Thursday, January 05, 2012

WEEKEND PIC - Jan 6 - 8, 2012



a) THE AWAKENING (supernatural thriller with Rebecca Hall, Dominic West, Imelda Staunton, Isaac Hempstead-Wright and Shaun Dooley) Rated * * 1/2 (2.5 stars): Playing a bit like The Others, Sixth Sense and The Orphanage, this British-styled thriller has the requisite eerie atmosphere and engaging performance by lead star Hall. However, the movie kind of buckles at the end with a lame resolution that leaves more questions than answers. (Reviewed below)

b) THE BEAVER (drama with Mel Gibson, Jodie Foster, Anton Yelchin, Jennifer Lawrence, Cherry Jones, Paul Hodge, Michelle Ang, Riley Thomas Stewart, Kris Arnold and John Bernhardt) Rated * * 1/2 (2.5 stars): Directed by Jodie Foster, this psychological drama is about mental depression and how a hand puppet is used as a form of therapy. The plus side here is Gibson's riveting performance as a man on the verge of suicide; the minus side is that Foster allows the subplot about the son (Yelchin) and his girlfriend (Lawrence) to break the momentum of the main story.


1. MISSION: IMPOSSIBLE - GHOST PROTOCOL (action thriller with Tom Cruise, Jeremy Renner, Paula Patton, Simon Pegg, Josh Holloway, Lea Seydoux, Tom Wilkinson, Michael Nyqvist, Ving Rhames and Anil Kapoor) Rated * * * 1/2 (3.5 stars): With Brad Bird (of The Incredibles) at the helm, we have a more compleat M:I caper - nicely coated with typical English humour (courtesy of Pegg), narrative depth and a plot we can sink our teeth in. The set pieces are not bad either, especially the Burj Khalifa building stunts and sand storm in Dubai, and the climactic face-off in Mumbai. This M:I 4 is arguably the best of the franchise. (Reviewed below)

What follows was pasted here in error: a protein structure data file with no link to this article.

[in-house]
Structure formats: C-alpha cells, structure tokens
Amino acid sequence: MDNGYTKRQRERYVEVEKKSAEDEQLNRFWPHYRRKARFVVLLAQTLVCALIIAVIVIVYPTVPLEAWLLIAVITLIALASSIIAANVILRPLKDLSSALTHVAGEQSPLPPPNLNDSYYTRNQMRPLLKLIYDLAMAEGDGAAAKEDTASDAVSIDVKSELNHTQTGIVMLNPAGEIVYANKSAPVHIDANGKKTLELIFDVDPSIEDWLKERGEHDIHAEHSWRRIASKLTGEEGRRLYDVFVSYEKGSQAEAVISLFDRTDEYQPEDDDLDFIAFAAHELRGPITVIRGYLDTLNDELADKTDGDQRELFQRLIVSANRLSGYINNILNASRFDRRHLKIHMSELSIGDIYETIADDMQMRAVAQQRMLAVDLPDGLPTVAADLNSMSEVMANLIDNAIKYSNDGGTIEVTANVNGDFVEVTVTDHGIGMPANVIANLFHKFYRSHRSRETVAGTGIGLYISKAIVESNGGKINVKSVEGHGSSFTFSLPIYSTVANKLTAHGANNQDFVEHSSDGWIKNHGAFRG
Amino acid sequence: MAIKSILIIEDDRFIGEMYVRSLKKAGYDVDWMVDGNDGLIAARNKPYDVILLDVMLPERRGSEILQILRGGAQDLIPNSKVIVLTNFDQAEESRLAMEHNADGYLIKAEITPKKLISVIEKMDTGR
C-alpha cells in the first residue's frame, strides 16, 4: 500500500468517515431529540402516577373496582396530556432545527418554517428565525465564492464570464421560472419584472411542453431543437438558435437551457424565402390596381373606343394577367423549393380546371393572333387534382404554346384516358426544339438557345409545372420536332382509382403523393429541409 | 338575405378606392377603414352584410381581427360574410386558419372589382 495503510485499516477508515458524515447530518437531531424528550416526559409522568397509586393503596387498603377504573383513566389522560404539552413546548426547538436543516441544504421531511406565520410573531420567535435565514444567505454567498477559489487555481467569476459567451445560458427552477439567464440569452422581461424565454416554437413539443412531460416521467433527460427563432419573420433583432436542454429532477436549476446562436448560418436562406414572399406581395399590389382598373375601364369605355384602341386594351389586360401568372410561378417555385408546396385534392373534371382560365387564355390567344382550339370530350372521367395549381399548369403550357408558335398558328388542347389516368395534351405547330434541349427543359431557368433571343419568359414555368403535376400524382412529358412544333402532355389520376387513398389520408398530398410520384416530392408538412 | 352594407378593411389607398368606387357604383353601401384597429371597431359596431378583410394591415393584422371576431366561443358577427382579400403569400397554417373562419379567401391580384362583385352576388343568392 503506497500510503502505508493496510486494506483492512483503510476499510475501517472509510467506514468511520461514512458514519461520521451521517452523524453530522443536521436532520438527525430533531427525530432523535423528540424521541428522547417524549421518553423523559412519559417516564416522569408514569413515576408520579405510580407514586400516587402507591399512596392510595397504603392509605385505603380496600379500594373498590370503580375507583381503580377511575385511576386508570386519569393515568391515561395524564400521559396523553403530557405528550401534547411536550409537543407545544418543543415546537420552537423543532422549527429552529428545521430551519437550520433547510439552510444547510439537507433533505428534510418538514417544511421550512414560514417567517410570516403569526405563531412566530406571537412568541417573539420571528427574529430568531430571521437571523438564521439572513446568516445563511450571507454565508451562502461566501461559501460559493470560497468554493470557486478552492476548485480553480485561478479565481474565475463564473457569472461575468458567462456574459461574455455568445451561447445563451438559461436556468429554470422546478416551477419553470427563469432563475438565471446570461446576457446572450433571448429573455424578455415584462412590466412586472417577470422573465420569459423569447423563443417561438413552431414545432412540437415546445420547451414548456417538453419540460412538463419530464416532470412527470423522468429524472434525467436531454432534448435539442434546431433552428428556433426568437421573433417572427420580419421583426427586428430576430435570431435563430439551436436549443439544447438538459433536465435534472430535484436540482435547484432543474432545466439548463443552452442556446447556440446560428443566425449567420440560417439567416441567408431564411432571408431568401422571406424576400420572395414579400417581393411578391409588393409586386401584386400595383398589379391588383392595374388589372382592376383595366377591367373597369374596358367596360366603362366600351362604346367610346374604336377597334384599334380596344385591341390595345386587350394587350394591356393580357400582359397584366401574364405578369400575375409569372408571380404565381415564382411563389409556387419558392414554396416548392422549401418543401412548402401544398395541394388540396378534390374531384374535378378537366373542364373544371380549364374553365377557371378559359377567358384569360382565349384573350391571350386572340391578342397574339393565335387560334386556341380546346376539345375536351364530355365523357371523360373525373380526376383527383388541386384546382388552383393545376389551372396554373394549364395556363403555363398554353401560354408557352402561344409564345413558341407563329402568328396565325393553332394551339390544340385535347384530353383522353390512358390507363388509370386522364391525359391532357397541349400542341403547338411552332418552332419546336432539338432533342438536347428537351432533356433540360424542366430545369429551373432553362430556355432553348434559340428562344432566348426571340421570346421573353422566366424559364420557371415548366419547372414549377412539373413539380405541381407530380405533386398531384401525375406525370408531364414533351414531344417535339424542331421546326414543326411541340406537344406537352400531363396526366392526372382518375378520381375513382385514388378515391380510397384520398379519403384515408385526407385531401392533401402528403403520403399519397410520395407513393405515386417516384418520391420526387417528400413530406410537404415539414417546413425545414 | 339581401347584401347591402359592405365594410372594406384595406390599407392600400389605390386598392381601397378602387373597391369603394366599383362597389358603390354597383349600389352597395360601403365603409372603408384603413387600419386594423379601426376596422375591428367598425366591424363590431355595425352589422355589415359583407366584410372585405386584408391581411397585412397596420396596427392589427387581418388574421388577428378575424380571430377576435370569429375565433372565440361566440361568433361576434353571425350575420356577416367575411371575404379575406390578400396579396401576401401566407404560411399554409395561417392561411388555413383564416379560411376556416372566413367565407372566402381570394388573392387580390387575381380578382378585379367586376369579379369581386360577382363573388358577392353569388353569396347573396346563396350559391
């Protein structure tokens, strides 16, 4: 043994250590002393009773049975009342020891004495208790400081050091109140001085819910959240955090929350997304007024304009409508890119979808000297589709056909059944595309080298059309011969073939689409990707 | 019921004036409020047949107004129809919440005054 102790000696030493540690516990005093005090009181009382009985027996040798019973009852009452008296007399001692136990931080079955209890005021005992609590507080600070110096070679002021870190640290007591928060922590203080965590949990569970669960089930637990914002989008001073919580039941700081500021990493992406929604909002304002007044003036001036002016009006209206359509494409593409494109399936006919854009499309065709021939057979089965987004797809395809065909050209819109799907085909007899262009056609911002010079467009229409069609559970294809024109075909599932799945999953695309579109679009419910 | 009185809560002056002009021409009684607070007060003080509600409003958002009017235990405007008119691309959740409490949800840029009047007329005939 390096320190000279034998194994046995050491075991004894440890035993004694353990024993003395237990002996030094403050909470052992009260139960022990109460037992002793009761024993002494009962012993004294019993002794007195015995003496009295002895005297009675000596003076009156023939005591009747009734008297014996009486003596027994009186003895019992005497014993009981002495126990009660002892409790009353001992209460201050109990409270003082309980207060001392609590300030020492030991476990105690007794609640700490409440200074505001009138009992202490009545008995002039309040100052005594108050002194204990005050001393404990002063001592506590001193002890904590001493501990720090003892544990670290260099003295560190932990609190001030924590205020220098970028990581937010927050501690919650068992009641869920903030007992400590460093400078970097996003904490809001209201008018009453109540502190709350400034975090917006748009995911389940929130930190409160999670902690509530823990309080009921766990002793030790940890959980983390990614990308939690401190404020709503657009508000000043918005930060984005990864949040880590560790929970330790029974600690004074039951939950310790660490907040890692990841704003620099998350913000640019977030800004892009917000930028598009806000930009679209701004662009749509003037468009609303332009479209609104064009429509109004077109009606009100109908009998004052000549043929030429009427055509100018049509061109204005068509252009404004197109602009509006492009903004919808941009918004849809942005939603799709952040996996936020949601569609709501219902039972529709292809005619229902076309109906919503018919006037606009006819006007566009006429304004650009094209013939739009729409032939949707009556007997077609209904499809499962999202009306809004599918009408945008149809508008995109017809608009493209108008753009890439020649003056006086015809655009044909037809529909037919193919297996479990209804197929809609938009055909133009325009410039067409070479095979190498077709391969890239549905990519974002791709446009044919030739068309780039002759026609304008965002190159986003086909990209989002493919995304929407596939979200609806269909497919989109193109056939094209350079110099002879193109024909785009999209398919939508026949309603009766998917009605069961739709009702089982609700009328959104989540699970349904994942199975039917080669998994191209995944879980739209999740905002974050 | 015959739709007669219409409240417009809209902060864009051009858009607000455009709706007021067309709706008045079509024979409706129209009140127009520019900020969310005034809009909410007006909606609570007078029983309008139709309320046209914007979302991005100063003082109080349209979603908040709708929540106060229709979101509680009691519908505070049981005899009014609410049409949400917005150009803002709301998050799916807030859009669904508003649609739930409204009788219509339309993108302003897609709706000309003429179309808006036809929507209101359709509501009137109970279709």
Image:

2. SHERLOCK HOLMES: A Game of Shadows (mystery thriller with Robert Downey Jr., Jude Law, Noomi Rapace, Jared Harris, Stephen Fry, Kelly Reilly and Rachel McAdams) Rated * * * (3 stars): Guy Ritchie's bastardisation of Arthur Conan Doyle's icon continues - with the wedding of Dr Watson and a nefarious plot by Dr Moriarty (Harris). Again, the emphasis is on elaborate action set pieces at the expense of intellectual intrigues that is typical of Holmes' capers. Still, with Downey Jr and Law in the lead, this romp is sheer popcorn entertainment fit for the holiday season. (Reviewed below)

3. WE BOUGHT A ZOO (family drama with Scarlett Johansson, Matt Damon, Elle Fanning, Carla Gallo, Thomas Haden Church, Patrick Fugit, Stephanie Szostak, Colin Ford, John Michael Higgins and Desi Lydic) Rated * * 1/2 (2.5 stars): The movie, about how a widowed dad and his two children take over a decrepit animal park and turn it into a zoo, is rather formulaic but the main lure is the cast that includes heart-throbs like ScarJo and Elle Fanning. Another flaw is its long running time that takes a toll on our concentration. (Reviewed below)

4. THE DARKEST HOUR (sci-fi thriller with Emile Hirsch, Olivia Thirlby, Rachael Taylor, Max Minghella and Joel Kinnaman) Rating * * (2 stars): Set in Moscow, this doomsday alien invasion thriller may keep our interest for about 20 minutes. Then, when we get over the novelty of the uninspired plot (and how Earthlings get vaporised by invisible aliens), we start to realise how utterly silly the script is. Reminds me of Skyline, but with even less IQ.

b) JACK AND JILL (comedy with Adam Sandler, Al Pacino, Katie Holmes, Allen Covert, Dana Carvey, Natalie Gal, Tim Meadows, Katelyn Pacitto, Valerie Mahaffey and Regis Philbin) Rated * (one star): The big deal here is seeing Sandler playing both the title characters - as twins. However, he makes no attempt to flesh out the role of Jill - but merely puts on a wig and dress and speaks in falsetto. And the idea of Al Pacino wooing Jill makes us cringe rather than burst out in mirth. (Reviewed below)


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